Sicilian street food? This has possibilities as a national trend. 25 Preble Street, Maine, 207-245-3088, website. Monday - Saturday 11 a.m. - 1 a.m. Slab $6, other individual dishes $4 - $14.
David Levi, a first-time restaurateur, set lofty aims for himself when he launched Vinland in January: He prepares food solely from Maine. That includes seasoning ingredients: No black pepper, no sugar cane, no citrus for acidity. To attempt a cuisine so arduously local in a climate that is bitter much of the year, it's no surprise that Levi looks to the New Nordic movement for inspiration. He staged at both Copenhagen's Noma and Sweden's Fäviken. His dining room has an appealing, natural minimalism—light woods, knobby birch twigs covering sound-muffling panels. Though he still likes them crafted as close as possible, Levi makes concessions for alcohol. There are wines from Slovenia and France and Italy, though a cocktail like the Pine Gimlet (Barr Hill gin from Vermont, condensed yogurt whey, white pine syrup) evokes a satisfying sense of place.
The spirit of the approach is admirable, but less than a year in Levi still needs to fine-tune the harmony of honoring his aesthetic while preparing food that tastes balanced. The menu of small plates can be ordered a la carte or in five courses for sixty dollars. Some of it is splendid, like a smooth herb soup refreshing with cucumber and dots of locally processed sunflower oil. A plate of chicken—white and dark meat in a shallow pool of rich stock with squash and an herb sauce earthy with sage—was so satisfying my group ordered a second round, but largely because many of the other dishes had left us wanting.
A broth of yogurt whey, cayenne, and garlic for mussels was oddly sweet. Levi layers on another challenge for himself: His restaurant is gluten-free. As a Southerner I know that sublime cornbread can be made with no wheat; Levi's was a dry, sticky mass. A lovely stack of shaved fennel with yogurt and cucumber needed salt and acid: Could a gentle vinegar be made useful? The elements on an arty plate of pork belly with blueberry splatters, grits, pickle, and pork rind never quite came together. A bowl of blueberries lolling in custard sounded like a comforting finale, but steeping the custard in anise hyssop made the custard astringent and unpleasant.
Misses were acute enough that we spoke up to the server. He nodded and agreed: the fennel dish needed more salt, it would be great if the chef relented and served bread. But it was the pacifying assent of the converted. Levi and his crew will succeed or not on their own terms. 593 Congress Street, Portland, 207-653-8617, website. Open for dinner nightly starting at 5 p.m. Small plates $4 - $18.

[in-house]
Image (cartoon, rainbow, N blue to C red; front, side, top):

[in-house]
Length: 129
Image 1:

Five Islands Lobster Co.
How to choose from among the state's profusion of lobster shacks? I asked a local friend for a suggestion. She sent me to Five Islands Lobster Co., just shy of an hour's drive from Portland overlooking wide Sheepscot River. This is the Maine of the imagination, with views of fishing boats and jutting inlets and the thwack of sea salt in the air.
The encampment has three buildings: the lobster building where the crustaceans, plucked from the river in the last day or so, are boiled in seawater to order; the "Love Nest," which sells lobster rolls and other sandwiches as well as fried seafood baskets; and a storefront that sells Annabelle's ice cream made in Portsmouth, New Hampshire. Arrive early for the broadest selection at the Love Nest. By 1 p.m. they had run out of their biggest enticements, including lobster stew, haddock and seafood chowders, and fried oysters. "Do you still have lobster rolls?" I asked anxiously. "We never let ourselves run out of those," said the woman behind the counter.
For $14.95, it was an indulgence that forever ruins the overwrought versions passed off in big cities. Sweet, toothy lumps with the merest slick of mayo in a hotdog bun with a single leaf of lettuce: That was it. That was all it needed to be. A pile of fried clams alongside gave satisfying contrast. But soon I was back to lobster: a freshly boiled beast with sides of new potatoes, corn on the cob, and melted butter in which to dunk it all. I sat among couples and families at a green-topped picnic table (there is no indoor seating, and it's BYOB), dismantling the lobster and feeling content. Ice cream seemed superfluous after that kind of feasting. 1447 Five Islands Road, Georgetown, 207-371-2990, website. Open daily Memorial Day to Labor Day 11:30 a.m. - 8 p.m., September 6 - October 12 weekends only, 11:30 a.m. - 7 p.m. Prices vary, but freshly cooked lobster around $9.75 - $12.75 per pound (depending on size), lobster rolls $14.95, seafood baskets $14.95 - $18.95.
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Photography: Bill Addison